When my elderly parents lost their lives in a fiery rollover car crash thousands of miles from their Colorado home last February, my initial hope was that my sisters and I could adequately honor them. That hope sustained me during the adrenaline-filled days that followed, but their immeasurable loss slowly sunk into my psyche.
Then I had to work on the burden that had, without warning, settled on my shoulders.
After we brought their bodies back from Texas and buried them quickly, according to Jewish law, I found myself mired in an absurd mix of shock and the pragmatism needed to confront the task of untangling their mortal lives.
There’s a huge amount of work required by a personal representative for estates under probate law, and even with my experience as a former attorney, dealing with that, and my grief as a daughter, was overwhelming.
My cousin in Switzerland put into words what I hadn’t been able to acknowledge even weeks later.
“The loss of our parents is a difficult moment, [but it’s] an important step in our lives,” Nicolas Grossfeld wrote in an email. “Suddenly, you realize you are an orphan, no longer someone’s child, and the magical, secret, reassuring place where you could take refuge no longer exists.”
I should have expected it to happen at some point, but even at ages 84 and 91, my parents remained relatively active. My mother was vibrant, and my dad was steady despite serious heart issues. He insisted he had the “Kahn” gene, one allegedly bestowing longevity.
“I’m planning to live to be 106,” he told me last summer.
I’d been startled by an enormous bird flying overhead when I was on a walk last October, its white feathers a stark contrast to autumn’s deep blue sky. In a season of football games and warm chili on the stove, the rattle of the great egret’s airy bones as it flapped a five-foot wingspan in the chilly breeze was a harbinger of winter to come.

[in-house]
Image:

When I got home, I Googled what it meant when a white bird flies over you and learned it might mean change—or death.
But most people don’t live and die by what the wind whispers.
Managing grief after a parent’s death
Americans are particularly bad at talking about things that have to be done when we lose loved ones, especially when it comes to money, wills and funeral plans, says Debby Baker, a clinical psychologist and co-founder of the Community Grief Center in Greeley. She says our reluctance makes it more challenging later to grieve and deal with everything you know (or don’t know) about your parent’s estate.
“We all know and expect that our parents won’t live forever, but that doesn’t mean we’re prepared when they die,” she says. “There are so many things to deal with—their home and personal effects, death certificates, insurance, banking—and it all has to be done at the worst moment of your life. If you don’t have any idea what your parents wanted, you have to figure it out, and you’re often second-guessing yourself.”
First, Baker recommends taking time to grieve. Feel your emotions, and if you’re overwhelmed by them, talk to a counselor, join a group or spend time with a friend who listens on the tough days. Talk it through, she says, and you’ll be able to move through the grief more effectively.
She also recommends using the tools available in your community. The Community Grief Center offers 10 free programs, including one called “Understanding Grief.” The center also offers support groups and classes.
Friends and family may be uncomfortable with the topic of death and encourage you to move forward, Baker says, but there’s no time frame for grief. She suggests pacing yourself by determining your priorities, taking it day by day and putting off what you can to the next week.
She also notes that family dynamics, such as each child’s relationship with their parents and siblings, play a role when tackling things like the estate. Dividing personal property, for example, can tip the scale of pleasantries.
“That becomes part of the grieving process,” Baker says. “There is a need to figure out how to make peace and move forward without destructing the whole family.”
Planning ahead: one of the greatest gifts you can give your family
Tim Brynteson, an attorney with Otis & Bedingfield who practices in Loveland and Greeley, says it’s never too soon to start thinking about your death, whether it’s planning your funeral or thinking about who might want your favorite tiepin.
“It feels like bad karma to start thinking about it,” he says, “but find ways to bring it up with your kids while you’re together for a holiday or ask them for a list of things that have given them the fondest memories.”
Having a plan in place for your will or irrevocable trust and beneficiaries will prevent a lot of hardship when you die, he adds.